The series opens with a disclaimer that it isn’t a documentary and that while it is based on fact – no one familiar with the actual case could doubt that – some of the events have been fictionalized.

The actual Aleph, now 47 and unafraid of revealing her true identity, Orly Revivo, has given interviews to the press discussing how her personality is very different from that of Oshrat in the series and that other facets of her experience differ from what is shown. But she does not deny the substance of the series. One way in which it differs from real life, not surprisingly, is that the story seems to unfold swiftly, while it took about three years between the time Aleph made her complaint to the beginning of the trial.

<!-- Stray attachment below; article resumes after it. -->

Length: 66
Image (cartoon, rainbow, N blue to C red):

While the series will undoubtedly strike a chord in Israel, I think it will work well abroad, even for audiences who have never heard Katsav’s name: These cases tend to be disturbingly similar around the world.

Unsilenced, which was created by Tamar Marom, Moish Goldberg and Einat Zilber Damari, in addition to Avraham Shalom Levi, will stir up emotions connected to this distressing case, but at least the series also reminds us that, while the former president committed these crimes, he also received punishment. It wasn’t easy, but eventually, these women’s voices were heard and believed, and the system included not only powerful men trying to guard their privileges, but a policewoman like Yana who wouldn’t stop until the truth came out.